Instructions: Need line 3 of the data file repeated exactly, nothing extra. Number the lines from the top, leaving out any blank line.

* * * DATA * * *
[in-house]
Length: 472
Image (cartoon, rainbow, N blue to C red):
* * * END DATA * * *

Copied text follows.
Image (cartoon, rainbow, N blue to C red):